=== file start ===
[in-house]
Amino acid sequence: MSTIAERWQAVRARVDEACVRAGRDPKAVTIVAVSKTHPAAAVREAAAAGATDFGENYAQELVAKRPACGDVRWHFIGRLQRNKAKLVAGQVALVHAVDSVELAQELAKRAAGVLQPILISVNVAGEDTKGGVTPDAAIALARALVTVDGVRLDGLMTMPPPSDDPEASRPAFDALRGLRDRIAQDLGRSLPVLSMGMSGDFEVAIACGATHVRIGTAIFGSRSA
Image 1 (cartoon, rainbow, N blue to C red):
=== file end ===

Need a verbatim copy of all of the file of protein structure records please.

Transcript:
[in-house]
Amino acid sequence: MSTIAERWQAVRARVDEACVRAGRDPKAVTIVAVSKTHPAAAVREAAAAGATDFGENYAQELVAKRPACGDVRWHFIGRLQRNKAKLVAGQVALVHAVDSVELAQELAKRAAGVLQPILISVNVAGEDTKGGVTPDAAIALARALVTVDGVRLDGLMTMPPPSDDPEASRPAFDALRGLRDRIAQDLGRSLPVLSMGMSGDFEVAIACGATHVRIGTAIFGSRSA
Image 1 (cartoon, rainbow, N blue to C red):